Taylor prefers to photograph natural landscapes, architecture and abstractions. He enjoys using digital photo editing software to alter, enhance, and combine his photos for artistic effects. Several of his photographic compositions have shown in the Frederick Gallery of The Fredericksburg Center for the Creative Arts.
His composited photographs on display in the FCCA Members’ Gallery in June 2021 have been crafted using Lightroom and Photoshop using multiple layers of photographs and textures to hide, expose, alter and blend various parts of the photographs and textures into single artistic pieces of work.
Biography — Robert S. Hunter is a Digital Imaging artist who earned BS and MA degrees from James Madison University. He was the High School Art Instructor at Colonial Beach High School for 32 years and also instructed at Rappahannock Community College and Radford University. He has been recognized for Excellence in Art Education by the VA Governor’s School of the Arts, the Robert Rauschenberg Foundation, and the Teacher's Institute of Contemporary Art at the Chicago Art Institute. After discovering the possibilities of computer based imaging he completed an 18 hour certificate of study in Digital Imaging at Corcoran School of Art in Washington DC. Now retired from teaching he now actively exhibits his prints across the United States and has been invited to show his work in national print exhibitions such as The Boston Printmakers Biennial, The Delta National Exhibition of Small Prints, The Bradley International Print and Drawing exhibition, and The McNeese National Annual Works on Paper Exhibition. His work is in numerous private collections as well as in the collections of Arkansas State University, Purdue University, and the K.Caraccio Fine Art Print Collection.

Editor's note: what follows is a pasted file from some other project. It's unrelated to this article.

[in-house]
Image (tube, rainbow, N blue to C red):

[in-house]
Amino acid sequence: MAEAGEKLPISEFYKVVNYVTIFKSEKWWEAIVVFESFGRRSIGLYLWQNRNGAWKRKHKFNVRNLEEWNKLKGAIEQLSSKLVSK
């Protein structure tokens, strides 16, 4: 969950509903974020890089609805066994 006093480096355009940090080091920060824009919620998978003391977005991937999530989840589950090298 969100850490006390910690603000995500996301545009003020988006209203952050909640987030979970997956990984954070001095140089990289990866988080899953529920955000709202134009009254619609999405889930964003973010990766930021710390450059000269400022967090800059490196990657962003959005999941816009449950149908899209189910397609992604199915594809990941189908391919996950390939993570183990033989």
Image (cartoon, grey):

Process - Digital Imaging provides tools to produce color, texture, change size and placement, and modulate transparency that are nonexistent in any other print process. I take full advantage of digital layering and my work generally contains very dense and rich surfaces. Each image is printed using archival pigment inks on cotton rag paper and is usually produced in an edition of ten to fifteen prints.
Artist Statement — Carl Jung observed Art is not accomplished by the intellect but by the play of instinct acting from inner necessity. The creative mind plays with the object it loves, and so my saucer prints reflect Jung’s observation. The focus of my UFO series is essentially comparisons and contrasts. Taken as a whole this series of prints explore the subject of “Flying Saucers “in a Pop Art and in a Neo Surreal context. They reflect my interest in popular culture as well as in subjects that inspire surreal expressions of the divine and sublime. Diana Pasulka, a professor at the University of North Carolina suggests that UFOs, much like myths and religions deal with mystic and non-rational experiences. Surveys show that nearly half of all Americans believe aliens have visited earth in the ancient past or recently, and that percentage has been increasing. Do I believe? I certainly think that UFOs represent a cultural dream that transports us to the frontiers of our own imaginations and it is my hope that my prints will provoke intellectual curiosity as well as providing aesthetic satisfaction viewed through the lens of Pop Art and Surrealism.